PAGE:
In the photo above Archimedes, our main boar, is blowing bubbles in the whey tub. He can be a very silly pig. Everyone else stands back respectfully while he has his fun, after all, would you mess with 800 lbs of boar even if he is good natured?!? Behind him is his son Little’un. In the lower left is Patches. The gilt between them has no name known to me. Although I know her by sight, she has not made herself remarkable.
There is an interesting article on Slate “That’s What I Like About Ewe” regarding the naming and numbering of farm animals. In part the writer, Jon Katz, says:
The sheep epitomize the names-vs.-numbers cultures of animal care. When I call the large-animal vets, the dispatcher often asks if my animals have names or numbers. The question puzzled me, until experience and observation clarified it. People who name their animals see them as individual personalities and are much more likely to attribute humanlike emotions to them. I would never put a tag in Pearl’s ear and call her No. 12. But most farmers can’t afford to personify animals, so they give them numbers.
Vets know that animals with numbers are apt to be “production animals”—headed for market. Farmers won’t spend more on their care than the animal is worth: If the treatment cost exceeds the market price, the animal is likely to be euthanized. Whereas animals with names—not only dogs and horses but some sheep, goats, and alpacas—are seen as individuals, even family members. Their owners are far more likely to spend what it takes to make them well. Some vets treat only animals with numbers, others only animals with names.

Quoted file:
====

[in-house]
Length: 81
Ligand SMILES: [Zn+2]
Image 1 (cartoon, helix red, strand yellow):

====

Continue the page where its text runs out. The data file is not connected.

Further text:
I name many of our livestock, especially those who are around for a long time like the sows and boars in the breeding herd who we will need to discuss as in “Out’s back in with her newly farrowed piglets – saw her down to the far end of the south field this morning.” Out’s the name of the sow. She’s back in the pasture. Ergo, Out is in.
Names tend to have something to do with the animal. A physical or behavioral characteristic that is distinctive. The sow mentioned above is named Out because she slipped out through a very small hole in the fence and farrowed in the forest. Her aunt Flop is named for her particularly floppy ears. The boar Archimedes is named because he always seems to be peering studiously over his non-existant glasses. Big Pig is named for, well, you can guess on that one.
Normally I don’t name animals initially. On the breeders it is generally after about six months or so of age that they ‘tell me’ their names. That’s when we start to need to differentiate them from the run of the mill finisher pigs who are going to market as in “My, that Longson is a particularly long and fine looking pig and he grew sooo fast. Perhaps we should keep him for breeding.” Longson is the great-grandson of Longfellow making his name doubly appropriate.
Sometimes it is a pattern in their coloring. For example there is Cookie who looks like she has chocolate chips on her and Soviet who had the soviet flag on her butt. Mouse got her name because she has a rather famous Disney logo on her shoulder. The birthmark looks just like Mickey Mouse – the two of them will have to squabble over the intellectual property rights on that one as I’m not getting involved. With a name like Mouse you might think she’s small but she’s probably 700 lbs at this point and still growing. There’s nothing small about Mouse despite her name.